Chemistry matters

Seth Hudgins, staff writer

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Jemelyn Palentinos has been a chemistry teacher here for three years. She sponsors UIL science and occasionally helps with Student Council and Family, CC LA.

“I like teaching because it still challenges me to get the information to students who have never had a course like this,” Palentinos said. “I like the challenge of trying to get the students to learn a very difficult subject for their age.”

She went to college for six years at Texas Tech University and got her bachelor’s degree in chemistry and master’s degree in secondary education.

“I loved college. I will tell you up front that I really wasn’t prepared for what college was. I had the intelligence but I regret never learning the proper way to study for exams in high school,” she said.

She accepts the challenge of taking on her students and helping with many other clubs. She doesn’t see it as an issue. She sees it more as an opportunity to help.

“I get to be around different set of kids and also get to see how other organizations are handled,” she said.

Chemistry is a subject built on many other subjects involving elements, atoms and matter.

“I love the math aspect of it all. We don’t really get to it until about end of November but it’s funny to watch the kids with blank faces looking back at you. The nerd in me likes it because it’s challenging,” she said.

Coming into a school year it is great to have goals that one can set to reach before the year is over. She sets goals to help your students in the classroom.

“My goal every year is to survive the school year. Honestly though, one of my goals is to have an impact on the students and hopefully they will leave with something from my class whether it be the content, how to work in groups in the lab, or even how to study. I just want them to have at least grown as a person from August 2014 to June 2015,” she said.

To reach these goals that are set, she has strategies to help get herself reach those goals.

“I think trying to integrate what the iPads are really for in school which is school work,” she said. “I plan on trying to get the students to do what they are supposed to do. I also want to plan more hands-on activities that will be beneficial to the learning of the students but that’s always one of my strategies that never seem to pan out.”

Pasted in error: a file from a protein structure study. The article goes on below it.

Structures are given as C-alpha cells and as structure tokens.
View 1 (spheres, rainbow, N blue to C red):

All teachers have a special part in their day that they enjoy the most. Most teachers like their break or their fun projects, but Palentinos’s favorite part is her students.

“I get to know a new set of students every year and I love that. Even though it can get rough during the school year, I usually never want to change a thing about any of it,” the teacher said.

Many changes have been made to the school during the last couple of years. Some people agree with the changes and some do not. Take the iPads for example.

“I do like the iPads because it makes easier for me, as a teacher, to take daily work home and grade on one device rather than having a huge stack of papers on the weekends,” she said.

Teachers will see students complaining and begging not to have to do work. That’s one thing the educator would love to change.

“In the real world, if some big shot boss at your job tells you to do something you will do it and not complain. That’s what the kids have to learn about life. You adjust to what you are given even if it’s something you want to don’t understand or even agree with,” she said.

 

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Chemistry matters